For a boulder untouched rests in solitude alone,
An emperor unconquered rests upon his throne,
A field unwintered flourishes so hopelessly aside,
A songbird unharmed sings so mutelessly by,
Two lovesome starlings may each other greet,
Only to apartly fade and never again a'meet.
For troubles, in singles or greater pairs,
Always finds a way to draw a'near,
But away do these troubles inevitably drift,
As joys, too, fades to nothing, ever so swift.
As a prelude may swiftly come a'close,
Much like a woman's heart a'drift it goes.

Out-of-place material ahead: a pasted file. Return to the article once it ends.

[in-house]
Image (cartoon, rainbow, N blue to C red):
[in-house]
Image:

Yet a lonesome pebble may drift miles a'sea,
Only to cross upon a mound of utter debris,
A withering rose may bloom only to later die,
And wither its way back to its initial state a'by.
To observe such cyclic manners bears no path,
Of hopefulness and motives under fate's wrath.
And so, should one live amongst the world a'here,
And seek for nothing but a moment to disappear.